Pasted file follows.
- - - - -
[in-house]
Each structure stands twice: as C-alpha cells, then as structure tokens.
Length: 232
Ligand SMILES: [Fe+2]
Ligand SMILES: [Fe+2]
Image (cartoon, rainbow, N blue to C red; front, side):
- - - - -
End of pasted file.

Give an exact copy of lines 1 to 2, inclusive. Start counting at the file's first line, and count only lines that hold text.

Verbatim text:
[in-house]
Each structure stands twice: as C-alpha cells, then as structure tokens.